Unmanned aircraft, commonly known as drones (or aerial drones), are progressively spreading. There are all types and sizes, fixed, rotating or convertible, capable of carrying out the most disparate missions. The flight is managed through simple apps, it is programmed to be run by the vehicle in total autonomy, while the pilot only plays a supervisory role.
Today in Italy the use of drones is regulated by the ENAC, with a regulation that will soon be integrated into European laws being drawn up; the European parliament has in fact recently assigned to EASA - the European regulator - the ownership of the legislation for aircraft below 150kg.
The national regulation - as well as the one being drafted by EASA - limits the use of these vehicles to flight at a distance of sight from the operator (VLOS - visual line of sight), therefore a few hundred meters, below 150m high, out of restricted areas, as well as away from crowds of people.
Since 2015 ENAV has started a cooperation with ENAC, to establish the technical and operational conditions capable of allowing the safe use of these vehicles in different operational scenarios. In particular their use beyond the line of sight, the flight in urban scenarios, and in perspective the autonomous flight, in connection with the European study and experimentation initiatives of the SESAR Joint Undertaking. In 2016 ENAV received an assignment from ENAC for the creation and management of an Unmanned Traffic Management (UTM) platform for the provision of services dedicated to this new class of users.
To fulfill the task assigned by ENAC (the Italian Authority for Civil Aviation), ENAV founded the company D-Flight.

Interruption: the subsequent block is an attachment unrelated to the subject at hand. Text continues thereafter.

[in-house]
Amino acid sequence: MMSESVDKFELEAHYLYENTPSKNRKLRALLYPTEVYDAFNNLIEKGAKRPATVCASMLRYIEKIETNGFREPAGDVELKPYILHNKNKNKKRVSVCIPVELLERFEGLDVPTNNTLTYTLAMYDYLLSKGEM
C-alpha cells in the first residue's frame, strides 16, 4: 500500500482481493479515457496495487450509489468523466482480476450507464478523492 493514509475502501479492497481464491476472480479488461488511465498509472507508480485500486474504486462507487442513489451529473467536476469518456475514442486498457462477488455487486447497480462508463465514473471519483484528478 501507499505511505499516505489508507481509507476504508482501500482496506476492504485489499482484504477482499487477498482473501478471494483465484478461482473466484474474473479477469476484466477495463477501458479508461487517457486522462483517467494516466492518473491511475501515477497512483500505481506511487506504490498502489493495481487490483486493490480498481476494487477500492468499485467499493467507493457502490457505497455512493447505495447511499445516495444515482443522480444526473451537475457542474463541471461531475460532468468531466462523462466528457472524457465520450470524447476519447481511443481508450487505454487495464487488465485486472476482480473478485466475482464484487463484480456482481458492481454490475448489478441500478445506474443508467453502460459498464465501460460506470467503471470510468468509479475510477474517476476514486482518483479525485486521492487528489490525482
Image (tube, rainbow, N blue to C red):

The U-Space services will be gradually made accessible, over the next few years, to all drone owners through access to the D-Flight portal.
The first services available shortly through the portal:
- registration - including assignment by means of a unique code
- graphical presentation of the no-fly zones - areas where there is a ban on overflight
- electronic identification - using an electronic tag to be affixed to the drone
- drone tracking - real-time reception of its location in a central control room
- mission planning for BVLOS missions (Beyond Visual Line of Sight) - ability to plan missions beyond the visual capacity of the operator, using the tracking functions, and supporting the safety assessments of the proposed mission in relation to the possible interference
- geofencing - automatic detection of the exit from the allowed mission profile, or the entry into areas not allowed
Through these services it will become possible to fully exploit the potential of aerial drones for activities of great importance, such as infrastructure monitoring, inspections, photogrammetry, environmental surveys.
The services and the prospective scenario are described in the U-Space concept and can be found on the link https://www.sesarju.eu/u-space-blueprint